Justice Mandala explores restorative justice: the act of seeking solutions that repair, reconcile, and rebuild relationships. Empowered to add their voices to the public dialogue, young people spent seven weeks connecting their personal experiences to the larger conversation about restorative justice. The youth explored the concept of the Buddhist mandala, contemplating what it means to live restoratively. The result is three vibrant and contemporary mandalas lining the back wall of the Brooklyn Detention Complex. Interspersed between the large circles are floating keys, which represent the ability to open doors and unlock new opportunities.
Hidden Treasures of Brownsville
Inspired by the theme of hidden treasures, nine young people on probabtion worked with Groundswell artists to complete an intensive mural research and design process, which included a field trip to the Brooklyn Museum. Through this process, the youth artists discovered one of the most important assets within the community - themselves. The resulting artwork invites other neighborhood young people and residents to discover new connections with one another as they celebrate the talents and treasures hidden in their own hearts and minds. This mural was created as part of "Transform/Restore Brownsville," a two-year participatory public art project, created by Groundswell with our partners the NYC Department of Probation and Pitkin Avenue BID.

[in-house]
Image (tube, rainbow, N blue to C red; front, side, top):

Born and Raised
Born and Raised was created as part of the Gowanus Public Art Series. The central image in the mural is the Gowanus Canal. The Gowanus Canal has been designated a superfund site by the Environmental Protection Agency, meaning it is a hyper polluted body of water. But due to local activism, there are massive cleaning efforts being implemented and planned for the canal. Despite the troubling issues surrounding the Gowanus Canal, many people have and continue to consider it home, and the canal has become an enigmatic symbol of the neighborhood. The mural's design centers on historically important locations around the Gowanus neighborhood. Included in the mural is the Gowanus Canal as well as the eight-story Kentile Floors sign, on one hand, an iconic landmark and on the other a company which manufactured asbestos-containing products. This mural recognizes also the solidarity between the Gowanus Houses (red buildings on the left) and the Wyckoff Houses (beige buildings on the right).
Collaborative Dreams reflects the aspirations of Tompkins Houses, depicted through collaborative portraits which represent collective identities. The portraits presented are incarnations of many thinkers, dreamers, and inhabitants of the neighborhood. The design utilizes overlapping patterns and shapes to suggest shared spaces and commonalities. Blossoming plant life and gleaming rays animate the contemplative faces and interact with the sources adjacent. Windows decorate the portraits and offer suggestions of personal and shared spaces and compound perspectives. Collaborative Dreams is reflective of the colorful characteristics, traits, and personalities of Tompkins Houses and the larger neighborhood of Bedford-Stuyvesant. It contains, motifs, patterns, and architectural elements which represent the community for which its created.